Inside BSM’s Smallest Classes


Brook Wenande

AP chemistry with Ms. Bargas is one of the smallest classes at BSM this year with only 6 students.

Max Jackson, Staff Writer

While Benilde-St. Margaret’s boasts a class size average of just above 20 students, BSM’s language department is home to some irregularly tiny class sizes, especially when it comes to more advanced language courses.

BSM requires students to take two full years of a world language in order to fulfill the minimum requirements for graduation. Although BSM’s course program handbook recommends that students exceed these requirements, the high school’s more advanced language classes tend to be much smaller than their lower level counterparts. “Most of the smallest classes are in world language, or engineering,” Assistant Principal Matt Weingartz said.

Spanish teacher Matthew McMerty-Brummer teaches multiple different courses. His most advanced class, Español Para Hispanohablantes III, is no exception to this trend. With a total of just eight students, it is one of the smallest classes at BSM. In a smaller class, each student has more weight to carry in terms of class participation. “I do think that there are more opportunities for student participation in smaller classes,” McMerty-Brummer said.

I do think that there are more opportunities for student participation in smaller classes

— Mr. McMerty-Brummer

Going even deeper into the language department, and BSM’s basement, Latin teacher Rob Epler has a class of just five students this year. Mr. Epler’s Latin V class is home to students who have been with him for pretty much their entire high school careers. “Going back to when my main job was ninth through 12th… but now there have been — even before I took over the junior high program — years where I got eighth graders. So then the Latin V kids that’d be five years I have with them,” Epler said.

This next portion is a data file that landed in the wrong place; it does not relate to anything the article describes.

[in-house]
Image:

However, with the new task of teaching Latin to all grade levels at BSM, there is a possibility of a Latin VI class being a realistic addition to the class roster, and with it, the potential for even smaller classes. Epler’s Latin V class for this year has a junior in it, which is a first for the course. “So I have that one down because… theoretically, we could do a Latin VI. There isn’t a curriculum for that now, so we’ll see,” Epler said.

A smaller class size also lessens the burden of learning how a new group of students functions, and also makes it much easier for teachers to get to know their students and be more comfortable teaching them. “I will say working with the smaller group that I have worked with for a long time and I know better just feels easier,” Epler said.

Students in such small classes at such high levels oftentimes have multiple classes with the same group of peers from past years, and are more comfortable with interacting with their classmates at the start of the year than a standard class. “In the Hispanohablantes classes, students have shared that they often feel more comfortable participating because they have been together for several years and know each other better, as compared to beginning in a class with lots of students they do not know well,” McMerty-Brummer said.